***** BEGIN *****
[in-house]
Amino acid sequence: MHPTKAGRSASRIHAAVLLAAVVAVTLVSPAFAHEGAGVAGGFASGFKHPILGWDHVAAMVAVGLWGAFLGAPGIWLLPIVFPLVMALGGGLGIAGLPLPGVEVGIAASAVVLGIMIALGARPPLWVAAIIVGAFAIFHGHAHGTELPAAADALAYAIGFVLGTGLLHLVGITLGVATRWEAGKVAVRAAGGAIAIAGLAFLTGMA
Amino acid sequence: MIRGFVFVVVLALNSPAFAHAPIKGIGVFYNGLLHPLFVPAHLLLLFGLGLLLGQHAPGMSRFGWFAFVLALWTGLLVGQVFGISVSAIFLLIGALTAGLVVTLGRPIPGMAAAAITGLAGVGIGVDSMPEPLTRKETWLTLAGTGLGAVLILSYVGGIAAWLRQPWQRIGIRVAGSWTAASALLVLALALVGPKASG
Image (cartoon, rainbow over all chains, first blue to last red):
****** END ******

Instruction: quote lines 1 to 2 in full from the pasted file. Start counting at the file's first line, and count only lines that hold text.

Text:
[in-house]
Amino acid sequence: MHPTKAGRSASRIHAAVLLAAVVAVTLVSPAFAHEGAGVAGGFASGFKHPILGWDHVAAMVAVGLWGAFLGAPGIWLLPIVFPLVMALGGGLGIAGLPLPGVEVGIAASAVVLGIMIALGARPPLWVAAIIVGAFAIFHGHAHGTELPAAADALAYAIGFVLGTGLLHLVGITLGVATRWEAGKVAVRAAGGAIAIAGLAFLTGMA